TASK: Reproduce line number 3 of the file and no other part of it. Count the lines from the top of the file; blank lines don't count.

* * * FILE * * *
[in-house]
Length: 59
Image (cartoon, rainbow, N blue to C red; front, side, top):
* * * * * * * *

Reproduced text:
Image (cartoon, rainbow, N blue to C red; front, side, top):